Brown Mamas – Pittsburgh & U.S.  – Brown Mamas, Inc. has been around for seven years in the Pittsburgh region.  Brown Mamas began in the living room of Muffy Mendoza.  What started as 5 moms has grown to over 4000  Our mamas love our Pittsburgh chapter so much that we are expanding.  If you are mom who is ready to not just find her tribe, but to inspire other mothers and be the change she wants to see in her community, click here to learn more about starting your own Brown Mamas chapter.

Black Moms Connect – Canada & U.S.

Mommin’ Society – North Carolina & Online

Moms of Black Boys United – Atlanta & Online

Moms Make It Work – NYC

Mocha Moms, Inc. – U.S. (seriously, everywhere)

Whine & Cheese – 27 Chapters in U.S. (including D.C., PA, South Carolina, New York, etc.)

Black Women Do Breastfeed

Motherwork by Mater Mea – NYC

Beautiful Brown Girls Brunch Club – New Jersey

District Motherhued’s DMV MomTribe – D.C. Metro Area

Soul Food for Your Baby – Hawthorne, Calif.

Black Moms Blog Events – Atlanta, GA

Birthing Beautiful Communities – Cleveland, OH

Tessera Collective – Online, Self-Care Support

Melanin Mommies – Pittsburgh, PA

Pittsburgh Black Breastfeeding Circle –

Not-So Melinated Support Groups for Black Moms

Moms Club

La Leche League

Circle of Moms

Meetup.com

Facebook Support Groups for Black Moms

Black Stay-At-Home Mom Village

Black Moms Connection

Black Moms in Charge

Single Black Mothers

Moms of Black Daughters

Moms of Black Sons

Black Moms in College & Beyond

Breast Milk Donation for Black Moms

Sisterhood for Young Black Moms

CGAA – Computer Gaming Addicts Anonymous – Support Meetings, Support Chat for Family and Friends, Resources – Weekdays and Weekends @ Online Via ZOOM
Apr 21 all-day

 

Who We Are

Computer Gaming Addicts Anonymous is a fellowship of people who support each other in recovering from the problems resulting from excessive game playing. The only requirement for membership is a desire to stop video gaming, which is completely up to you. CGAA has no dues or fees. Our groups share their collective experience and the principles that helped them, but CGAA has no experts, hierarchy, or required beliefs. We have etiquette and traditions, but no strict rules.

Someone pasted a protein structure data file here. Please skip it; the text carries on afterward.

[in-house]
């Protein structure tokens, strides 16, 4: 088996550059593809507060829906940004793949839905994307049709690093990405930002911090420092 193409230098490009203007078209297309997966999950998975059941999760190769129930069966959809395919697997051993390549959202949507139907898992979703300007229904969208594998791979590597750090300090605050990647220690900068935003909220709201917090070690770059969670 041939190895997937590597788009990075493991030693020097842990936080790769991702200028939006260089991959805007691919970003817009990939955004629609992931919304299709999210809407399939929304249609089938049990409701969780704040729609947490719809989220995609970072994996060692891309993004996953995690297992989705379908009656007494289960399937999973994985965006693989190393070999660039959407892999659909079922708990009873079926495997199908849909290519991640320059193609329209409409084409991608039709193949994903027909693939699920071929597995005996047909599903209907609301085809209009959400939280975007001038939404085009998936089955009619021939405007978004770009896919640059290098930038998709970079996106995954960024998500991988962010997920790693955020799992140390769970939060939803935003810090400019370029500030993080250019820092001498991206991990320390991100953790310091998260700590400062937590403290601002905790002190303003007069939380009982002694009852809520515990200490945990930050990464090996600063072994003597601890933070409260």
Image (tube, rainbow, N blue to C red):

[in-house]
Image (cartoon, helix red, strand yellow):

If you are struggling with compulsive gaming, leave your contact info at 970-364-3497 and a CGAA member will call you back
Or email us at helpline@cgaa.info
For other issues, contact us at support@cgaa.info

 

ZOOM MEETINGS

All family and friends of compulsive gamers welcome

Join Zoom Meeting

https://us02web.zoom.us/j/83671786251

Meeting ID: 836 7178 6251

One tap mobile
+13017158592,,83671786251# US (Washington DC)
+13126266799,,83671786251# US (Chicago)

Dial by your location
        +1 301 715 8592 US (Washington DC)
        +1 312 626 6799 US (Chicago)
        +1 646 558 8656 US (New York)
        +1 253 215 8782 US (Tacoma)
        +1 346 248 7799 US (Houston)
        +1 669 900 9128 US (San Jose)
Meeting ID: 826 013 5782
Find your local number: https://us02web.zoom.us/u/k0jt3FGFs

 
ZOOM MEETING

All family and friends of compulsive gamers welcome

Join Zoom Meeting

https://us02web.zoom.us/j/83671786251

Meeting ID: 836 7178 6251

One tap mobile
+13017158592,,83671786251# US (Washington DC)
+13126266799,,83671786251# US (Chicago)

Dial by your location
        +1 301 715 8592 US (Washington DC)
        +1 312 626 6799 US (Chicago)
        +1 646 558 8656 US (New York)
        +1 253 215 8782 US (Tacoma)
        +1 346 248 7799 US (Houston)
        +1 669 900 9128 US (San Jose)
Meeting ID: 826 013 5782
Find your local number: https://us02web.zoom.us/u/k0jt3FGFs

 

Gamers Find A Local Support Group

Use the link below to get more information about local groups and a notification when a local meeting is started. Due to the COVID pandemic, most meetings are currently held in an outdoor setting or online.

CLICK HERE FOR THE LOCAL GROUP FINDER TOOL

 

CONTACT GROUPS IN OREGON BY LOCATION

 

 

SUPPORT FOR FAMILY AND FRIENDS

What Can I Do?

Video gaming is a common pastime. To many people, it is surprising that it can become a serious addiction, that is, an activity that is engaged in compulsively, without control or concern for consequences.

Video gaming addiction is a very serious problem that is harmful to everyone it touches. Since everyone involved suffers from it, everyone involved needs some help. Here are some important things to know.

First, no one is responsible for someone else’s compulsive gaming. As the Al-Anon slogan goes, “I didn’t cause it, I can’t control it, and I can’t cure it.”

You didn’t cause it.

Some people partly blame themselves for the dysfunctional behavior of their family members, particularly with addicts who are very quick to shift responsibility off themselves and blame others. Perhaps you played games with your loved one, purchased games, or encouraged it, thinking it was a harmless leisure activity. Maybe you’ve been involved in some conflict and wonder if that has driven him or her to hide away in gaming. But no one is responsible for another person’s behavior or mental disorders.

You can’t control it.